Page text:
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Author Topic: cleaning ZD sensor???  (Read 3589 times)
stefan marquardt
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« on: January 05, 2007, 10:56:24 AM »
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hi, a question to all ZD owners.

just inspected my mamiya ZD sensor
- and itīs (straight out of the pack) realy dirty. needs a good clean. have you ever cleaned your zd sensor? if you follow the instructions, the shutter opens and you get to te sensor. but isnīt the inserted IR-filter still in front of the sensor?
I suspect the dirt is directly on the sensor and not on the filter. so how do you get to the sensor? do you have to/can you take the filter out first ?

thanks
stefan marquardt
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stefan marquardt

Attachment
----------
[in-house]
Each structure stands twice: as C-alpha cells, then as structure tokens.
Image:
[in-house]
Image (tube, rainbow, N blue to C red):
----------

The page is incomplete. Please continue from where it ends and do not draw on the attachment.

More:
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Jonathan Wienke
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« Reply #1 on: January 05, 2007, 11:00:12 AM »
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The IR filter is permanently attached to the sensor, and the dirt is on top of it, so there is no reason to remove it. Doing so would ruin the sensor assembly.
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stefan marquardt
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« Reply #2 on: January 05, 2007, 11:27:13 AM »
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The IR filter is permanently attached to the sensor, and the dirt is on top of it, so there is no reason to remove it. Doing so would ruin the sensor assembly.
[a href=\"index.php?act=findpost&pid=93888\"][{POST_SNAPBACK}][/a]


not on the mamiya zd. you can take it out (and insert an AA filter instead).
i just did take the filter out - blow-cleaned the sensor - but the dirt is - of course - still there. I suppose i have to take a brush.
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stefan marquardt
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« Reply #3 on: January 05, 2007, 02:24:42 PM »